The debate surrounding religion and its importance to a country’s development (and consequently to the success of development policy) is not new. In recent years, traditional reference works on the sociology of religion have been supplemented by numerous studies on the role played by religion in politics and society. We can also draw on many recent empirical analyses of global shifts in values, different forms of secularisation and the impact that religious perspectives on the modern world have on development processes.

It is only in the last few years, however, that attempts have been made to incorporate the formative potential of religion into development work and to systematically expand cooperation with religious partners. Religious organisations (ROs) occupy an important position in many societies. They maintain lasting relationships with people at the local level, predominantly in the form of grassroots movements and often in places where state and private development cooperation agencies have not established a presence. The work of religious organisations is based on their credibility, acceptance and legitimacy. They tend to focus on education, health and emergency aid, and increasingly on efforts to promote greater understanding between different social groups.

Many religious organisations do not systematically evaluate their work, so there are few reliable statistics with which to assess their specific contribution to development cooperation. Based on initial surveys, the results achieved by such organisations are similar in terms of their overall success rate to those achieved by secular organisations. Religious organisations should not be seen as morally superior but instead as development partners whose contributions are of equal importance to those of other organisations. Further research is required in order to establish whether and to what extent ROs can typically add to the wider effort to promote sustainable development.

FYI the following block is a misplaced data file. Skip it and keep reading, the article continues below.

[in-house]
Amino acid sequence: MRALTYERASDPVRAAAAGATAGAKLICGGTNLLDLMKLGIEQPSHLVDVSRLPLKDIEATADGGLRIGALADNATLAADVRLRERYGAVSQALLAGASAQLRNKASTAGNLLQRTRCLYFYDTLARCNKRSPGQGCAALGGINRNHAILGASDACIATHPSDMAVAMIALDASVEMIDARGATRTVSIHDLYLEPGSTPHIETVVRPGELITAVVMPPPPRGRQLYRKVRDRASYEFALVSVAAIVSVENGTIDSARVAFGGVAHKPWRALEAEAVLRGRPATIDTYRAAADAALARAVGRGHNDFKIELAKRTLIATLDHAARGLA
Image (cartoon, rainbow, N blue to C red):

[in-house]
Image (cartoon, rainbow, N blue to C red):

Facts and Figures

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Size of Major religious groups

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Importance of Religions

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Age distribution of religious communities

Stakeholders and international partners

It is only recently that systematic attempts have been made to harness the potential of religion for development purposes and to incorporate it into German development policy. Other donors have treated religious organisations (ROs) and religious communities as ‘agents of change’ for some time. For several years, the World Bank, the UN Population Fund (UNFPA), the UK Department for International Development (DFID) and the Dutch Ministry of Foreign Affairs have devoted considerable resources to the issue of religion and sustainable development. Among other things, their experience over this period has shown that:
  • religion is a key element in the lives of very many people and influences the way they act;
  • religion and politics are interconnected in the minds of many people, sometimes in a way that gives cause for concern;
  • in many societies religious organisations are very important and highly regarded as agents of civil society and providers of services;
  • the development results achieved by religious organisations are similar in terms of their overall success rate to those achieved by secular organisations; religious organisations should not be seen as morally superior and their contributions are of equal importance to those of other organisations;
  • past approaches to development have failed to take sufficient account of the importance of religion to individuals and societies;
  • very little information is available on the cooperation between development actors and religious organisations;
  • greater expertise is needed when dealing with religious actors and issues (religious literacy) in order to harness the potential of different religions more effectively; this should be a particular focus in the training of development personnel;
  • although it is often unclear who the legitimate representatives of a religious community are, it is important to identify them as they are the most suitable development partners.

Summary Status quo report (pdf, 1.04 MB, EN)